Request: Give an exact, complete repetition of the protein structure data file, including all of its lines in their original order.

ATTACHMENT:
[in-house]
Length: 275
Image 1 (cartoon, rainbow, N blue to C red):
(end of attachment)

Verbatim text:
[in-house]
Length: 275
Image 1 (cartoon, rainbow, N blue to C red):